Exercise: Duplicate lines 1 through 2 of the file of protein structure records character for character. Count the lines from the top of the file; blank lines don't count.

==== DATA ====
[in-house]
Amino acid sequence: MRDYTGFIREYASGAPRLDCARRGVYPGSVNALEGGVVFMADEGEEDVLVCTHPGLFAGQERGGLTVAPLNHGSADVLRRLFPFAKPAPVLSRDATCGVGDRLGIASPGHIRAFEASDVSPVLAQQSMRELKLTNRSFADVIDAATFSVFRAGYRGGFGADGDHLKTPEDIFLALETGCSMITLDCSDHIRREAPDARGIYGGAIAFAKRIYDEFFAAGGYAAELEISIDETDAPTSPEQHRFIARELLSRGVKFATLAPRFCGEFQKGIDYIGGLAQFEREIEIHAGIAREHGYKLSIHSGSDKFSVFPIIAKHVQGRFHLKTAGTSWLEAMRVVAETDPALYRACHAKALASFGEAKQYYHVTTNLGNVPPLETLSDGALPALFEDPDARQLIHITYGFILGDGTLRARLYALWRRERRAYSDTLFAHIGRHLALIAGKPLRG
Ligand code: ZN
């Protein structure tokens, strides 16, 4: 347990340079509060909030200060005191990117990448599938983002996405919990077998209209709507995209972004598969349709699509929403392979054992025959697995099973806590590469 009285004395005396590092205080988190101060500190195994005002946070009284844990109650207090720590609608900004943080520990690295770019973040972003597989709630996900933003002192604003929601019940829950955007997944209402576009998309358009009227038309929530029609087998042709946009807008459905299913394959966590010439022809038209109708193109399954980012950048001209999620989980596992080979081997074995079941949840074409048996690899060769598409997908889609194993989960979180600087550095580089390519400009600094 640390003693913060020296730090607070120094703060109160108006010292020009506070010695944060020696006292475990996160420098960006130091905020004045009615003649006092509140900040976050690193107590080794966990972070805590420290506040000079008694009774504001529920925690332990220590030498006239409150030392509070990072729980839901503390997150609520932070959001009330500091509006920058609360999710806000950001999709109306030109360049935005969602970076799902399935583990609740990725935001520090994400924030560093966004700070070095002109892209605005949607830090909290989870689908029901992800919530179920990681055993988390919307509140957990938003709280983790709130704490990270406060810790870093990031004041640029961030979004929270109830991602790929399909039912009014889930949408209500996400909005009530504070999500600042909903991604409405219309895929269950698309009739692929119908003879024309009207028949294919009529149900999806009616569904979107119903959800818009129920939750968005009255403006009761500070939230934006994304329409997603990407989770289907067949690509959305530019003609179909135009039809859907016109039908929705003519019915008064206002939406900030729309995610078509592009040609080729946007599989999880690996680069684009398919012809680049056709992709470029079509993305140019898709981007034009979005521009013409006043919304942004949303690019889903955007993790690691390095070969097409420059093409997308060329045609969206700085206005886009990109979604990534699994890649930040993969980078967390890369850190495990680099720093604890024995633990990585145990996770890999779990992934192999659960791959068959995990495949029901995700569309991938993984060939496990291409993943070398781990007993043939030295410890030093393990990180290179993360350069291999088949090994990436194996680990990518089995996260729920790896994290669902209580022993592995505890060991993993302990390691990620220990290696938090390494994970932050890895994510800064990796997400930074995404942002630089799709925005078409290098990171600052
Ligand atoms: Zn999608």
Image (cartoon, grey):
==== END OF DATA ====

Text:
[in-house]
Amino acid sequence: MRDYTGFIREYASGAPRLDCARRGVYPGSVNALEGGVVFMADEGEEDVLVCTHPGLFAGQERGGLTVAPLNHGSADVLRRLFPFAKPAPVLSRDATCGVGDRLGIASPGHIRAFEASDVSPVLAQQSMRELKLTNRSFADVIDAATFSVFRAGYRGGFGADGDHLKTPEDIFLALETGCSMITLDCSDHIRREAPDARGIYGGAIAFAKRIYDEFFAAGGYAAELEISIDETDAPTSPEQHRFIARELLSRGVKFATLAPRFCGEFQKGIDYIGGLAQFEREIEIHAGIAREHGYKLSIHSGSDKFSVFPIIAKHVQGRFHLKTAGTSWLEAMRVVAETDPALYRACHAKALASFGEAKQYYHVTTNLGNVPPLETLSDGALPALFEDPDARQLIHITYGFILGDGTLRARLYALWRRERRAYSDTLFAHIGRHLALIAGKPLRG